WASHINGTON (Reuters) - U.S. Senator Bob Corker eviscerated President Donald Trump repeatedly on national television on Tuesday, calling him a liar who has debased the country in an extraordinary diatribe against a sitting president by a fellow Republican.
Corker, the only Senate Republican not seeking re-election next year, accused the president of telling falsehoods that could easily be proven wrong and of willfully damaging the country’s standing in the world, exposing deepening divisions in the Republican Party under Trump’s White House.
“The president has great difficulty with the truth on many issues,” Corker told CNN in the first of a series of interviews at the Capitol hours before Trump was due to meet with senators to seek consensus on proposed tax cuts.
“Unfortunately world leaders are very aware that much of what he says is untrue,” said Corker, in the sharpest of his bitter public exchanges with the president in recent weeks. “Certainly people here are, because these things are provably untrue. They’re just factually incorrect and people know the difference.”
Speaking later to reporters, Corker called Trump a bully.
Trump hit back on Twitter after Corker’s television interviews, calling the Senate Foreign Relations Committee chairman “incompetent” and reprising one of his trademark derisive nicknames.
“He doesn’t have a clue as the entire World WAS laughing and taking advantage of us. People like liddle’ Bob Corker have set the U.S. way back,” Trump tweeted.
Although he is a foreign policy specialist, Corker is also a key player in the tax debate. His support could be crucial as Republicans seek passage of the White House-backed tax plan in the closely divided Senate.
The senator from Tennessee, whose recent announcement he would not seek re-election in November 2018 has freed him from the need to stick to a voter-friendly script, pulled no punches in his onslaught against Trump. He acknowledged that tensions between the two men, once allies, have been building for months.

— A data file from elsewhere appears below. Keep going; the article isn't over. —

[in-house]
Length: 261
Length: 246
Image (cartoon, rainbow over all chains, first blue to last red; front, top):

The Trump-Corker clash is the latest to erupt in what has been a sometimes fraught relationship between the president and the politicians who should be his partners in Congress.
Trump pilloried Senate Republicans - as a group and by name - after their failure this summer to repeal and replace the 2010 healthcare law known as Obamacare, one of his top presidential campaign promises.
While Corker’s comments were the strongest yet from a fellow Republican, Trump has also provoked the ire of another respected senior Republican, John McCain, whose war record he mocked.
McCain’s barbs prompted Trump last week to tell the 80-year-old senator, who has brain cancer, to be careful because “I fight back.”
The latest exchange began early Tuesday morning when Corker advised the White House not to interfere in lawmakers’ tax deliberations and called Trump’s lunch a “photo op.”
Later, Trump took to Twitter to belittle Corker, a national security adviser on his presidential campaign, with an early morning tweet in which he anticipated opposition for his administration’s tax plan.
“Bob Corker, who ... couldn’t get elected dog catcher in Tennessee, is now fighting Tax Cuts,” Trump wrote.
That prompted a retort on Twitter from Corker, “Same untruths from an utterly untruthful president.”
With the tax plan, Trump is hoping to notch up his first major legislative win - something that has so far eluded him even though Republicans both chambers of Congress.
Tensions with Corker erupted this month when Trump said Corker “begged” for his endorsement as he weighed running for re-election and Corker responded by calling Trump’s White House an “adult day care center.”
Trump has also blamed Corker for the Iran nuclear deal forged under Democratic President Barack Obama. Every Republican, including Corker, voted against the 2015 accord.
In his CNN interview, Corker assailed Trump for telling falsehoods that are easily disproven and questioned why he persisted in doing so.
“I don’t know why he lowers himself to such a low, low standard and debases our country in that way but he does but he does.”
“He is purposely breaking down relationships we have around the world that had been useful to our nation. ... I think the debasement of our nation is what he’ll be remembered most for.”
Corker, who was an early backer of Trump’s White House campaign at a time when many senior Republicans were expressing doubts, said he would not support him again.
“I was one of those - that hoped he would rise to the occasion as president and aspire to lead our nation instead of divide it,” he told reporters at the Capitol. “He has not risen to the occasion.”
Reporting by Doina Chiacu; Additional reporting by Makini Brice and Susan Heavey; Editing by Frances Kerry